• The Little Studio and Saint-Gaudens' home

    Saint-Gaudens

    National Historic Site New Hampshire

Support Your Park

Saint-Gaudens National Historic Site is a wonderful place to visit, but visiting the site is not the only way to benefit from it. If you are interested in taking a more active role in supporting the park, there are multiple opportunities for you to become more involved.

The Friends of Saint-Gaudens
The Friends of Saint-Gaudens was formed by the Saint-Gaudens Memorial to help support the park and celebrate the life and work of Augustus Saint-Gaudens. The Friends work with the National Park Service to create interesting and exciting events for visitors to attend, such as the Sculptural Visions event, sculpture workshops, summer concerts, contemporary art exhibits, and even special bus tours. To find out more about the Friends organization, please see their website at www.sgnhs.org.

Volunteer-in-the-Park
The Volunteer-in-the-Park (VIP) program is a great way for those wanting to donate their time, energy, resources, and talents to the park. Saint-Gaudens provides some exciting volunteer opportunities to learn more about the history of Saint-Gaudens as well as practical work skills and knowledge and venues to meet new people.

Donate

The park may accept donations from individuals, families, organizations, foundations, corporations, businesses, associations and other entities. Your gift will be used to support the preservation and programs of the only national park in the country dedicated to American sculpture. No other federal agency relies as heavily on the generosity and kindness of its visitors, and we thank you for your past support and look forward to future cooperation.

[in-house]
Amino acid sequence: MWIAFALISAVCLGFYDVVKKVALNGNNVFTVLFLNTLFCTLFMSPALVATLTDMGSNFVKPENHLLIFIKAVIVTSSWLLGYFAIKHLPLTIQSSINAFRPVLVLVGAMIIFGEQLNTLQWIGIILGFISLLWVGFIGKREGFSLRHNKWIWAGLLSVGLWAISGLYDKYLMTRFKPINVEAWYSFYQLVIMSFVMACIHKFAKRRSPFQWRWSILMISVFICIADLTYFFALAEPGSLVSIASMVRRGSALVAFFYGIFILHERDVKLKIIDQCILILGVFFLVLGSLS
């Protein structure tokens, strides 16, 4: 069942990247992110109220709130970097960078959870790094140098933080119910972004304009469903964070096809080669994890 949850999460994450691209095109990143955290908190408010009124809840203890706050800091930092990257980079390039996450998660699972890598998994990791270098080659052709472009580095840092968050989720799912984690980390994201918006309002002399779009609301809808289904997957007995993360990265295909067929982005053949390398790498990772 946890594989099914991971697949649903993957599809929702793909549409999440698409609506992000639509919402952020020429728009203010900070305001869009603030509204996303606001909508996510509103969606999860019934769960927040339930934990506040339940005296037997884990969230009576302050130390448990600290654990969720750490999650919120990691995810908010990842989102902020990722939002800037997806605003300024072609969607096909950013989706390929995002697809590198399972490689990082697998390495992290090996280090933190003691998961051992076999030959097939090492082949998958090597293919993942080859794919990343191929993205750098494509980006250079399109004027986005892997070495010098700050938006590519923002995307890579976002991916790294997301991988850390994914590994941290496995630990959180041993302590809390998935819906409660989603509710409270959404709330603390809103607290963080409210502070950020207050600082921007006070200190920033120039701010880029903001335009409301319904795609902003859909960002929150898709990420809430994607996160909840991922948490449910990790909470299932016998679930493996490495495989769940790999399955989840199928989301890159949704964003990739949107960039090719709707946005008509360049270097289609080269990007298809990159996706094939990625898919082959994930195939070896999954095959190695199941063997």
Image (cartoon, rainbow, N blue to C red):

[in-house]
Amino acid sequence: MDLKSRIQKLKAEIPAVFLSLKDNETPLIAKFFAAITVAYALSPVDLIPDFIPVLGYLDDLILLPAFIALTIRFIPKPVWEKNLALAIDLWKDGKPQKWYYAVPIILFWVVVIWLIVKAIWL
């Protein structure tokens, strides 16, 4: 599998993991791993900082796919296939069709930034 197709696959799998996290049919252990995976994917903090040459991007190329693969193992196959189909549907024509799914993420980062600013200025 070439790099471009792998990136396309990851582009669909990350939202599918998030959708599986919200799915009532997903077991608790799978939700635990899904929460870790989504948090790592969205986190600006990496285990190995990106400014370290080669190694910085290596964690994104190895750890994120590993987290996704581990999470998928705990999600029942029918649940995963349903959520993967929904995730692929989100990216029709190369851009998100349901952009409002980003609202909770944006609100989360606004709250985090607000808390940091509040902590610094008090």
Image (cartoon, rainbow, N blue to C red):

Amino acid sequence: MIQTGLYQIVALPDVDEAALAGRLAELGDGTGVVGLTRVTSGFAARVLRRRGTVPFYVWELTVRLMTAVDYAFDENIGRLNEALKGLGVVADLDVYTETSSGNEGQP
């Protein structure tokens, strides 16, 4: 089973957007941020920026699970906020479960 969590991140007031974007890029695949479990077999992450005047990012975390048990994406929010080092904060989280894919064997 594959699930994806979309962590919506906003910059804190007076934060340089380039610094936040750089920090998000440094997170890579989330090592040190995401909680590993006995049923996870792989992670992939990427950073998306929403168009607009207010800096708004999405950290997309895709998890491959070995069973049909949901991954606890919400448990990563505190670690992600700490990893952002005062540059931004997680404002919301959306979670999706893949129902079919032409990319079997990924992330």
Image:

Eastern National Bookstore
The Eastern National Bookstore, the park's museum shop, sells a variety of items that not only promote the park's history and culture, but also concern art, children's activities, wildlife, music, and much more.

Did You Know?

Portrait cameos of the Stuart Family done by Augustus Saint-Gaudens, ca. 1864

Augustus Saint-Gaudens ended his formal schooling at age 13 and was then apprenticed for six years to a cameo cutter. He later used this skill to support himself during the early years of his career.